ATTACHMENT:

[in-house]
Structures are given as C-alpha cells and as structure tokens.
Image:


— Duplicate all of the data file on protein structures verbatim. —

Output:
[in-house]
Structures are given as C-alpha cells and as structure tokens.
Image: